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Return of the Thin Man: Two never-before-published novellas featuring Nick & Nora Charles Hardcover – November 6, 2012

3.7 out of 5 stars 115 customer reviews

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Editorial Reviews

Review

PRAISE FOR RETURN OF THE THIN MAN

"This first unabridged appearance of two Nick and Nora Charles 'novellas' by Hammett should be an occasion for delight, and it is." —The Wall Street Journal

"Read Return of the Thin Man and rediscover why Dashiell Hammett was the peerless master of crime fiction in all its dark and bloody glory." —New York Journal of Books

"A volume no fan of Hammett's, of Nick and Nora Charles, of 'The Thin Man' series should even think of doing without." —The Huffington Post

PRAISE FOR DASHIELL HAMMETT

"I think Hammett's stories are about the best there are." —Ross MacDonald

"Hammett's prose was clean and entirely unique. His characters were as sharply and economically defined as any in American fiction." —The New York Times

"Hammett . . . wrote scenes that seemed never to have been written before." —Raymond Chandler

"The exuberance of language, the relish with which seedieness is described . . . it's a pleasure to imagine young Hammett cutting loose with whatever rascally high jinks he could cook up." —Margaret Atwood

"An acknowledged literary landmark." —The New York Times Book Review

About the Author

Dashiell Hammett was an American author of hard-boiled detective novels and short stories, screenplay writer, and political activist. He created enduring characters including Sam Spade (The Maltese Falcon), Nick and Nora Charles (The Thin Man), and the Continental Op (Red Harvest and The Dain Curse).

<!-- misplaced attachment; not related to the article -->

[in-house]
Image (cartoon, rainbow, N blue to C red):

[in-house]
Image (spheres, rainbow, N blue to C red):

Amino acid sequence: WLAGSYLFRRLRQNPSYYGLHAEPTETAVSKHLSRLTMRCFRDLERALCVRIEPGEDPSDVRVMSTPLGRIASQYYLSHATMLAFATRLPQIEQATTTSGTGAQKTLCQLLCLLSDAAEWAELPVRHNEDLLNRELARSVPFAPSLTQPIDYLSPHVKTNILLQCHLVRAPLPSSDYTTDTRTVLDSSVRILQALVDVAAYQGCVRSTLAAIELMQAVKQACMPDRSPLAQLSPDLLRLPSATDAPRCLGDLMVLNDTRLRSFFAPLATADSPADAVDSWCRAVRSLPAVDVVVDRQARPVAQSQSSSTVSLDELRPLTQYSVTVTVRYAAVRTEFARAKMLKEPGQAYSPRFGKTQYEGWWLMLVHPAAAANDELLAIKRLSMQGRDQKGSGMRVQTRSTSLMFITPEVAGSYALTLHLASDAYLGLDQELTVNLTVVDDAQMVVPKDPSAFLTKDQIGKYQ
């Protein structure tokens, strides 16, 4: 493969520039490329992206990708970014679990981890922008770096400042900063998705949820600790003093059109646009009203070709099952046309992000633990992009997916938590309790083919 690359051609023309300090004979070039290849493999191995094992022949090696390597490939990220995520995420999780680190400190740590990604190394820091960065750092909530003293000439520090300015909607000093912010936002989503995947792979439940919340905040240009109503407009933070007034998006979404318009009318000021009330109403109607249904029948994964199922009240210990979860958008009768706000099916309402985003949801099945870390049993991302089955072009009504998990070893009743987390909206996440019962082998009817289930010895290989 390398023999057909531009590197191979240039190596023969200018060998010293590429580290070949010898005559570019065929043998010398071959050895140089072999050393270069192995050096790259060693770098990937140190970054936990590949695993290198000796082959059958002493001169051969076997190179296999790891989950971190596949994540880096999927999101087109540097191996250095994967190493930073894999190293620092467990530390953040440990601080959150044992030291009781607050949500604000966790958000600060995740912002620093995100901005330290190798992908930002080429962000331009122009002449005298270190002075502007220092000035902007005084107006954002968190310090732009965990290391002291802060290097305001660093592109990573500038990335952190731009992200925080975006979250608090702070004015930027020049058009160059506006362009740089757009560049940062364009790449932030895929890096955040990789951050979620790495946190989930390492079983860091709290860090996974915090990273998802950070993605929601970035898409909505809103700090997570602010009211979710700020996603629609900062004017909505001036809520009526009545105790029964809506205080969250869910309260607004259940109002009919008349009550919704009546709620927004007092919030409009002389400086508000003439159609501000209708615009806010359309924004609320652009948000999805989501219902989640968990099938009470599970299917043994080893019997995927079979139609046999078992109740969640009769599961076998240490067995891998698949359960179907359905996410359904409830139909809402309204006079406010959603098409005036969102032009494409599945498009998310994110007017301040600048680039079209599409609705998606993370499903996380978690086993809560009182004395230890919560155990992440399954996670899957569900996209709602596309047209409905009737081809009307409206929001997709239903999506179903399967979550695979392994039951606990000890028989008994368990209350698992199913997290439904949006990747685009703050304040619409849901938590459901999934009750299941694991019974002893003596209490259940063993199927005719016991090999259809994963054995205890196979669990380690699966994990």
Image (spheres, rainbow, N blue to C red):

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Product Details

  • Hardcover: 320 pages
  • Publisher: Mysterious Press; 1St Edition edition (November 6, 2012)
  • Language: English
  • ISBN-10: 0802120504
  • ISBN-13: 978-0802120502
  • Product Dimensions: 9.2 x 6.4 x 1.1 inches
  • Shipping Weight: 1 pounds (View shipping rates and policies)
  • Average Customer Review: 3.7 out of 5 stars  See all reviews (115 customer reviews)
  • Amazon Best Sellers Rank: #206,188 in Books (See Top 100 in Books)

Customer Reviews

Top Customer Reviews

By Terry Sunday TOP 1000 REVIEWERVINE VOICE on October 4, 2012
Format: Hardcover Vine Customer Review of Free Product ( What's this? )
The subject of this book surely needs no introduction to fans of the late Dashiell Hammett, who remains one of America's most-renowned crime fiction writers even more than 50 years after his death. Hammett created many memorable characters (in all senses of the word), including detective Sam Spade and the Continental Op. But arguably his most popular characters are the bantering husband-and-wife duo of Nick and Nora Charles as featured in the "Thin Man" series of books and motion pictures.

Many fascinating facts about Hammett's characters come to light in the commentaries to three previously unpublished Thin Man stories in "Return of the Thin Man." The Introduction, Headnotes and Afterwords in this volume provide interesting contextual details to "After the Thin Man," "Another Thin Man" and "Sequel to the Thin Man." The commentaries make "Return of the Thin Man" more worth reading than the stories themselves, in my opinion, because the "stories" are not really stories--two of them are screenplays and the third is what probably would be called today a "treatment." "After the Thin Man" (108 pages) and "Another Thin Man" (92 pages) feature good descriptions of the appearances of characters and scene elements, and much of Hammett's trademark snappy dialogue simply follows a colon after the name of the character who speaks it. What's missing are insights into the thought processes and internal feelings of the characters. These two stories are purely audio-visual. They describe what the audience would see on the screen, and what the characters would say, but nothing about the WHY of their actions. As such, they lack the vital layers of narrative information that would make them true novelettes.